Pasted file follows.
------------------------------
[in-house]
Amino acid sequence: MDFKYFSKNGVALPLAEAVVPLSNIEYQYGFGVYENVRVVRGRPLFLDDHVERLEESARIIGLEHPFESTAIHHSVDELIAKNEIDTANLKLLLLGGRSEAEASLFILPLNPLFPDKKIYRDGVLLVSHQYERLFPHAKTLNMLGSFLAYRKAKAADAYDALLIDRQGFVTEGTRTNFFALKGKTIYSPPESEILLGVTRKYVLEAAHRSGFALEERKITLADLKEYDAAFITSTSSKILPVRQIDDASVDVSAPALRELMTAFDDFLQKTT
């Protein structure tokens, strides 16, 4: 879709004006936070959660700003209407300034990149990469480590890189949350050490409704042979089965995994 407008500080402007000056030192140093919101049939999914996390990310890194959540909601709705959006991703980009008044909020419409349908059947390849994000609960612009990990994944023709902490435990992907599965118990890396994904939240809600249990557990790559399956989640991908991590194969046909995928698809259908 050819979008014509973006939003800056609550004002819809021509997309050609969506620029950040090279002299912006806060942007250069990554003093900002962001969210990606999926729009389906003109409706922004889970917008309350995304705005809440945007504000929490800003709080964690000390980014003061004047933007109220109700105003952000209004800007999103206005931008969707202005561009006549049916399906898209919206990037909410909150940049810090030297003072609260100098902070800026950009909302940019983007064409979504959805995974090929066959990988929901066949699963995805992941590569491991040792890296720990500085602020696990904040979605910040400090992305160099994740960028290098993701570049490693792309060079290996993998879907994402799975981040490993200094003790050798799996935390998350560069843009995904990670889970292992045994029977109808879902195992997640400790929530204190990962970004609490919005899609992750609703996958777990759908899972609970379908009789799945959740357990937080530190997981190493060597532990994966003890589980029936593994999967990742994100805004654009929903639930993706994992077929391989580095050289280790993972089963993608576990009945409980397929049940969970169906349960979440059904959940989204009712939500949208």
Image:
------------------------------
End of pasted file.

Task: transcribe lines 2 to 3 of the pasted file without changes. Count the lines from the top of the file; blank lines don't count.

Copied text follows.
Amino acid sequence: MDFKYFSKNGVALPLAEAVVPLSNIEYQYGFGVYENVRVVRGRPLFLDDHVERLEESARIIGLEHPFESTAIHHSVDELIAKNEIDTANLKLLLLGGRSEAEASLFILPLNPLFPDKKIYRDGVLLVSHQYERLFPHAKTLNMLGSFLAYRKAKAADAYDALLIDRQGFVTEGTRTNFFALKGKTIYSPPESEILLGVTRKYVLEAAHRSGFALEERKITLADLKEYDAAFITSTSSKILPVRQIDDASVDVSAPALRELMTAFDDFLQKTT
């Protein structure tokens, strides 16, 4: 879709004006936070959660700003209407300034990149990469480590890189949350050490409704042979089965995994 407008500080402007000056030192140093919101049939999914996390990310890194959540909601709705959006991703980009008044909020419409349908059947390849994000609960612009990990994944023709902490435990992907599965118990890396994904939240809600249990557990790559399956989640991908991590194969046909995928698809259908 050819979008014509973006939003800056609550004002819809021509997309050609969506620029950040090279002299912006806060942007250069990554003093900002962001969210990606999926729009389906003109409706922004889970917008309350995304705005809440945007504000929490800003709080964690000390980014003061004047933007109220109700105003952000209004800007999103206005931008969707202005561009006549049916399906898209919206990037909410909150940049810090030297003072609260100098902070800026950009909302940019983007064409979504959805995974090929066959990988929901066949699963995805992941590569491991040792890296720990500085602020696990904040979605910040400090992305160099994740960028290098993701570049490693792309060079290996993998879907994402799975981040490993200094003790050798799996935390998350560069843009995904990670889970292992045994029977109808879902195992997640400790929530204190990962970004609490919005899609992750609703996958777990759908899972609970379908009789799945959740357990937080530190997981190493060597532990994966003890589980029936593994999967990742994100805004654009929903639930993706994992077929391989580095050289280790993972089963993608576990009945409980397929049940969970169906349960979440059904959940989204009712939500949208």